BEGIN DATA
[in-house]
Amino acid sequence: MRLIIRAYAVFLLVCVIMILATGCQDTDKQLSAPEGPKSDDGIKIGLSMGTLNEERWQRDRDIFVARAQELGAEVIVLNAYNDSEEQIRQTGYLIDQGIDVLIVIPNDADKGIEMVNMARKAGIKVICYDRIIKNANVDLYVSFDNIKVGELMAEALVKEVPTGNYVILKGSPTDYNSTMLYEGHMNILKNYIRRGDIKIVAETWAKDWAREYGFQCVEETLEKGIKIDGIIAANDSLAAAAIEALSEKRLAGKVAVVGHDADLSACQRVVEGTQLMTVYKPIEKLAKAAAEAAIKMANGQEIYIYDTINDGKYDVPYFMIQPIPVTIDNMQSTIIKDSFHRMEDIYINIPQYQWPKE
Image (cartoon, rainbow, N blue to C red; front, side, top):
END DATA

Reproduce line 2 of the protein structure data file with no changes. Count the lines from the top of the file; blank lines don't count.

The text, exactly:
Amino acid sequence: MRLIIRAYAVFLLVCVIMILATGCQDTDKQLSAPEGPKSDDGIKIGLSMGTLNEERWQRDRDIFVARAQELGAEVIVLNAYNDSEEQIRQTGYLIDQGIDVLIVIPNDADKGIEMVNMARKAGIKVICYDRIIKNANVDLYVSFDNIKVGELMAEALVKEVPTGNYVILKGSPTDYNSTMLYEGHMNILKNYIRRGDIKIVAETWAKDWAREYGFQCVEETLEKGIKIDGIIAANDSLAAAAIEALSEKRLAGKVAVVGHDADLSACQRVVEGTQLMTVYKPIEKLAKAAAEAAIKMANGQEIYIYDTINDGKYDVPYFMIQPIPVTIDNMQSTIIKDSFHRMEDIYINIPQYQWPKE